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Faith and Philosophy

Volume 13, Issue 2, April 1996

Karen L. Carr
Pages 236-251
DOI: 10.5840/faithphil199613220

The Offense of Reason and the Passion of Faith
Kierkegaard and Anti-Rationalism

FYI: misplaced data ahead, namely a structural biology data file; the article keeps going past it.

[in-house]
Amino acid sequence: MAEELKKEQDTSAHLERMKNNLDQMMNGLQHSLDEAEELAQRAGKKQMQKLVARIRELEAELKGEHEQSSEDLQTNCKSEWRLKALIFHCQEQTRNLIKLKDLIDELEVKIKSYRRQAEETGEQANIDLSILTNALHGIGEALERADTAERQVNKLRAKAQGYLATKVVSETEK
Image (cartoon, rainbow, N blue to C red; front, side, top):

This essay considers and rejects both the irrationalist and the supra-rationalist interpretations of Kierkegaard, arguing that a new category---Kierkegaard as “anti-rationalist”---is needed. The irrationalist reading overemphasizes the subjectivism of Kierkegaard’s thought, while the suprarationalist reading underemphasizes the degree of tension between human reason (as corrupted by the will’s desire to be autonomous and self-sustaining) and Christian faith. An anti-rationalist reading, I argue, is both faithful to Kierkegaard’s metaphysical and alethiological realism, on the one hand, and his emphasis on the continuing opposition between reason and faith, on the other, as manifested in the ongoing possibility of offense (reason’s rejection of the Christian message) in the life of the Christian.

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